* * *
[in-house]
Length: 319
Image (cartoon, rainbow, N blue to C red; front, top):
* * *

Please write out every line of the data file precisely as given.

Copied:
[in-house]
Length: 319
Image (cartoon, rainbow, N blue to C red; front, top):